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D4Life

Mindfulness and the mental game

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The pali term for 'sati' has been translated as mindfulness and also 'remembering' - remembering your object of attention that can be experienced in the moment. Be it breath, mantra, body sensations or whatever. You pay attention to breath, the mind drifts into thought, it comes back and you remember to focus on the breath again.

The focus of attention is a means to an end though. To continually focus on the breath after waking up from mindless automatic thought is to retrain the mind to habitually drift away less and less ie spend a month meditating and your mind drifts away less than it did a month earlier. That translates to being able to come back to the moment and not drift away into a stream of negative thoughts and defeatist idea's more often. Its also going to allow you to wake up and recall coaching instructions at a quicker pace. The Tiger article said they helped each other, so one attentive person who is recalling tactics in the heat of battle can remind others, so youve got a network of attentive players.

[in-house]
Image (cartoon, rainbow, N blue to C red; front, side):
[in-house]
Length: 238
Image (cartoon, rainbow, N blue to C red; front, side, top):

Of couse, even without meditation, people can have far better memory recall than others. Players with natural leadership abilities or players that seem like they're a class above others, may often spend a lot of time studying or focussing on their tasks and taking it very seriously so they have that attentive ability in games and can instruct others around them. Luke Hodge springs to mind.

People might call meditation 'woo' and 'spiritual', but i think thats just a misunderstanding brought on by the vagueness of the word - I prefer to strip it down to the task of 'remembering' something. Being mindful of a task

Edited by Deeprived Childhood
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2 hours ago, Skuit said:

Mindfulness isn't a catchall for meditation. But I believe both can be beneficial for everyday life. How these practices would translate to a football-field though, especially on game-day in the thick of action, is always going to be tenuous or unquantifiable (although, again, I think they would be of some benefit).